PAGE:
The Directing Change Program engages young people throughout California to learn about the topics of suicide prevention and mental health in an innovative way: a film contest.

For the second year, Blue Shield of California’s BlueSky sponsored the annual Directing Change Program Awards Ceremony, which took place virtually on May 18. The 9th annual event streamed live to hundreds of people, as co-founder Stan Collins announced the winners of the 2021 Directing Change Film Contest. Youth filmmakers from across California were given awards for their one-minute shorts to raise awareness about mental health and suicide prevention in several categories, including Suicide Prevention, Through the Lens of Culture, Walk in Our Shoes, and SanaMente.

During a year when social distancing and stay-at-home orders took control of our lives, Directing Change received 974 films from 136 schools and community-based organizations, representing 1,817 youth. Entries were judged by nearly 300 advocates and professionals in mental health and suicide prevention, members of the media, and television and film professionals.

“The films submitted this year stand as a witness to the stories of youth living through the pandemic, and the many events that shaped this past year,” shared Collins in his ceremony remarks. “The filmmakers faced incredible adversity and overcame enormous barriers to create these films. They relied on creativity and ingenuity to craft stories from their bedrooms, homes, and backyards, and these amazing films each tell a story that is authentic and real.”

We had the privilege of speaking with four first-place winners about their inspiring films, and their outlook on mental health.

Justin Toyoshiba

Justin, an incoming senior at California High School in Whittier, won in the Suicide Prevention category for his mixed media film, “Dandelion.”

Regarding mental health issues, Justin shared, “It’s a hard conversation to have, but it’s worse to ignore it.”

Baron Ellis

Baron, a recent graduate from Palms Middle School Modern Media and Communications Magnet in Los Angeles County, won in the Walk in Our Shoes category for his short film, “Online Dangers: The Power of Our Words.”

Baron reminds us that “something as simple as a compliment can change someone’s perspective of themselves.”

Christina Batte

Christina graduated from Murrieta Valley High School in Riverside County and looks forward to attending New York University in the fall. “Plus Que Forte” (“More than strong”) won in the Through the Lens of Culture category.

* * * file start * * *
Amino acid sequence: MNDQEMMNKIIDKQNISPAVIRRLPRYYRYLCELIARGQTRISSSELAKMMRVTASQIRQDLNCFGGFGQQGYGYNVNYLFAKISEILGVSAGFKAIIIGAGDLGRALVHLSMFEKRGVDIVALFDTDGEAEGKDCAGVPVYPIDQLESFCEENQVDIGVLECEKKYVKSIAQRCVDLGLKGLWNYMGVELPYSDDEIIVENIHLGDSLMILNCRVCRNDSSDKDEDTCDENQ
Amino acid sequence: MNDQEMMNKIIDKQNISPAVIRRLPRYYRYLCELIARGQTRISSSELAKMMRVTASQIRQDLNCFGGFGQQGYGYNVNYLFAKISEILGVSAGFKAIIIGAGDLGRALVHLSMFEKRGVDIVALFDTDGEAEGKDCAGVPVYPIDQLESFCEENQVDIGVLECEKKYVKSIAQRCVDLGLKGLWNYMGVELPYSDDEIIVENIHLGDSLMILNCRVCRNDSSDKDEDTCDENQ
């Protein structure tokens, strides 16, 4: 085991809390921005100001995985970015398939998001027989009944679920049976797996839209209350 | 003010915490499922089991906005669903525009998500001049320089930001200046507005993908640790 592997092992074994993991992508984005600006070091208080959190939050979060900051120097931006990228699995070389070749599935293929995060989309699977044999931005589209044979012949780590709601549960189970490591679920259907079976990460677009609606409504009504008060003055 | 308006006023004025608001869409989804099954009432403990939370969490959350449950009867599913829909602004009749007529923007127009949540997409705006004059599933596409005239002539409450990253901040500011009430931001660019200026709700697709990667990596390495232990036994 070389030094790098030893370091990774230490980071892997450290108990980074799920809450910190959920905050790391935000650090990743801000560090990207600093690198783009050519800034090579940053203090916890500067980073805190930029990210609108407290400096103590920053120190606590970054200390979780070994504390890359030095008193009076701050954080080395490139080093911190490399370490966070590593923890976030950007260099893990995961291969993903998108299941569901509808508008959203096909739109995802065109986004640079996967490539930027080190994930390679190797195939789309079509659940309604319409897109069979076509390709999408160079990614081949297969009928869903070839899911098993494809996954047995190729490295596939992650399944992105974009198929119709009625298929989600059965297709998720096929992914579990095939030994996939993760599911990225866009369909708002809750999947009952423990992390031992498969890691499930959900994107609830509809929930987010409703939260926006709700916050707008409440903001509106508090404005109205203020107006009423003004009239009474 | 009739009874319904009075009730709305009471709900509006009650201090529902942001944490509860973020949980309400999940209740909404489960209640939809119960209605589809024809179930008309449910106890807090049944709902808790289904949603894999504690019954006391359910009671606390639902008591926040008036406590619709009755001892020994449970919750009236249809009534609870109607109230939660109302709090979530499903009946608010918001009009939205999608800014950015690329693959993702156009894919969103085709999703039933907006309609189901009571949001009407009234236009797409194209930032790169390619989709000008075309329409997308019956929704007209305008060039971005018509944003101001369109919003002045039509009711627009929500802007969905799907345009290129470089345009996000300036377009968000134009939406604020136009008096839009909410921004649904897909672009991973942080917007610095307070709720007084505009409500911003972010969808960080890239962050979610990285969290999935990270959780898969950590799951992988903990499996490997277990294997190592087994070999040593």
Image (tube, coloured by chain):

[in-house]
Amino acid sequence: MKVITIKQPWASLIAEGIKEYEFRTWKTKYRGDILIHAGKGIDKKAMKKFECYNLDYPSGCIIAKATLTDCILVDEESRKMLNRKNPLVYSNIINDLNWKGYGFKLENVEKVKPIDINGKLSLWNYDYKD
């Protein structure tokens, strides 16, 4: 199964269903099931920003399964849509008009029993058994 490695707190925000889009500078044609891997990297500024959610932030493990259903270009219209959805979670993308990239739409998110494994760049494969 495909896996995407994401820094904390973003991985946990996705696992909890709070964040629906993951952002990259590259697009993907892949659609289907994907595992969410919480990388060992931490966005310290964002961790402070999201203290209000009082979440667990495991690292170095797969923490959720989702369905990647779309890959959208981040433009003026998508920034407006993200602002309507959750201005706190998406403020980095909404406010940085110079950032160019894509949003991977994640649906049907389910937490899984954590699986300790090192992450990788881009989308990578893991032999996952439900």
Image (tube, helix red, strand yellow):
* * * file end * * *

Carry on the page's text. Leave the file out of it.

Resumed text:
Christina’s overarching message is that “It’s okay to need help; mental health matters.”

Gabriela Sanchez Flores

Gabriela, Middle School Student of the Year and graduate from David A Brown Middle School in Riverside County, won in the SanaMente category. SanaMente is the mental health movement to reach California’s Latinos.

Gabriela hopes that “Latinos can see that they are not alone and that there are resources specifically tailored for them.”

We extend our thanks to Directing Change for providing youth with an outlet and platform to express themselves. The stigma of mental illness is dwindling, and we are encouraged by this generation of filmmakers, who are affecting further conversation on improving youth mental health.

Please click here for resources about youth mental health.

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Blue Shield of California’s BlueSky Initiative enhances access, awareness, and advocacy of youth mental health supports in collaboration with the California Department of Education and leading nonprofit organizations. BlueSky supports California youth mental health by providing access to clinicians in middle and high schools, training educators on the signs of mental health issues, and empowering students with in-person and online mental health support resources.

Directing Change is part of statewide efforts to prevent suicide, reduce stigma and discrimination related to mental illness, and promote the mental health and wellness of students. These initiatives are funded by counties through the Mental Health Services Act (Prop 63) and administered by the California Mental Health Services Authority (CalMHSA), an organization of county governments working to improve mental health outcomes for individuals, families, and communities.